As teachers, we often plan for our students, creating learning we think they need. By doing this you have to ask are we missing out on an opportunity? That opportunity been one of being responsive? By being over planned we can be drawn into being the teacher who has full control over the learning journey of each child. We miss student voice, we miss student choice, we miss the opportunity to respond to the needs of our students. The Best Evidence Synthesis talks of, "teaching being responsive to student learning processes." If we just plan learning can we do this?

Designing learning has a different spin. Designing learning allows you to manage the learning process to both meet the needs imposed on you as well, and more importantly, meet the personalised needs of the students.

In designing learning our job is to provoke wonderings and questions through engaging immersion. This immersion should start the day and link carefully with the NZC learning areas and the essence of those (I talked about the essence of learning in another post). When you design learning you allow for links to be created between experiences and ideas. It allows us to engage with the curriculum at a more purposeful level, creating links to deepen understandings. Designing learning creates clarity around responsibilities and shows the importance of relationships.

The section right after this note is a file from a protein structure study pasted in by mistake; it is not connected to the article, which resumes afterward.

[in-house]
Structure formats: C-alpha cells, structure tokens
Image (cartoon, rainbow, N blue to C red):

Designing learning means that application is happening all of the time. Dr Jane Gilbert talks of knowledge happening in real world problem based contexts. This happens naturally because of how you manage this.

Staff at HPPS are in the process of designing the next learning process for the students in their cohort (mixed age for a number of reasons). This designing is based around the deep reflection from the last design, the use of space as the third teacher, mixing values and dispositions into the design and having deliberate acts of teaching to allow for deeper understanding and application of the experiences. Staff are also designing the key learning outcomes and assessment tools needed to move the students forward as learners and ensure that they maintain the understandings they have been immersed in.